- Kevin Johnson, mayor of Sacramento, now speaks for the players union
- Clippers player Chris Paul is in an uncomfortable spotlight
- Adam Silver faces his first test as NBA commissioner
- Donald Sterling has made millions off the Clippers
Reaction was swift when the website TMZ released an audio recording in which a man purported to be Donald Sterling, the owner of the Los Angeles Clippers pro basketball team, made racist remarks.
The n-word wasn't used, but the male voice on the audio recording complained that his girlfriend posted Instagram photos of herself with black men, including former pro basketball star Earvin "Magic" Johnson. "Don't bring him to my games," the male voice commanded.
Current and former players castigated Sterling. Talking heads called for the National Basketball Association to kick him out of the game.
Then another website posted another, similar audio recording. More angry words. This uproar won't die down any time soon.
A basketball team puts five players on the floor. In that spirit, here are five of the key players in the Sterling controversy:
1. Donald Sterling
Sterling, 80, has made a fortune as a lawyer, real estate developer and entrepreneur. He's the longest-tenured team owner in the NBA.
He acquired the Clippers in 1981 for $12.5 million, and now the team is valued at $575 million, according to Forbes magazine. The magazine says his net worth is $1.9 billion.
Sterling hasn't commented extensively since the audio recordings were released, but a Clippers official said Sterling is "emphatic that what is reflected on that recording is not consistent with, nor does it reflect his views, beliefs or feelings."
He doesn't mind a battle. He has a history of fighting housing discrimination claims in court. Elgin Baylor, former general manager of the Clippers, sued for wrongful termination and said Sterling treated him "as a token because of his race."
How will Sterling respond if the NBA investigation finds he did, in fact, make these comments? Will he fight? How far could the NBA go to punish an owner?
These questions might overshadow the on-court drama of the NBA playoffs in coming months.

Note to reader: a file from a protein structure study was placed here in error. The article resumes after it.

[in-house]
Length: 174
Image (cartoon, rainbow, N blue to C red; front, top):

2. V. Stiviano
She is the other voice on the recording, but she did not leak it to the media, Stiviano's attorney says.
Stiviano, who according to public records is 31 years old, isn't commenting on the controversy. On the tape, she is heard emphasizing that she is of mixed race.
She calls herself an artist, writer, chef, poet, stylist and philanthropist. Sterling's wife calls her a mistress and a gold digger.
Rochelle Sterling filed a lawsuit last month against Stiviano, accusing her of targeting extremely wealthy older men.
3. Kevin Johnson
Kevin Johnson is now the face and voice of the National Basketball Players Association, the union seeking swift action in the Donald Sterling controversy.
Johnson, 49, has credibility on at least two levels.
Pro basketball players respect him because he's a former all-star in the NBA, having played 12 seasons in Cleveland and Phoenix. He's also enjoyed political success as mayor of Sacramento, California, since 2008. He's the city's first African-American mayor.
Before the Sterling controversy broke, the NBPA had asked for his guidance in finding a new executive director for the group. On Saturday, the NBPA asked him to help "determine our response and our next steps" to the Sterling situation.
Johnson jumped right into the fray and listed five demands of the NBPA. Expect to hear more from him.
4. Chris Paul
One of the world's best basketball players finds himself in the middle of the firestorm.
Chris Paul serves as president of the NBPA. He also happens to play for the Los Angeles Clippers, the team owned by Sterling.
Paul, 28, has been circumspect in his public comments, issuing a three-sentence statement on the NBPA website. But he did quickly ask Johnson to become involved.
It would be difficult to play basketball at a time like this, but that's exactly what Paul must do. The Clippers looked out of it on Sunday in losing to the Golden State Warriors in the playoffs.
Even if you don't follow basketball, you may know Paul from his Allstate insurance advertisements, in which he plays twins, one athletic and one nerdy.
5. Adam Silver
This could be a make-or-break moment for the NBA's new top dog.
Silver, 52, has been the NBA commissioner for less than three months, and already he's having to deal with a problem that could shake the league to its foundations.
He immediately called for an investigation into Sterling's alleged remarks and reminded the world that due process must be followed.
But various forces, from Al Sharpton to the NBPA, are telling him to speed it up. The real challenge could come down the road. If the investigation finds that Sterling really said these things and he resists league discipline, the NBA's public relations problem would only deepen.
A lawyer, Silver took over from David Stern, who served for three decades and oversaw tremendous growth in the sport. Silver has worked for the NBA since 1992 in various leadership jobs.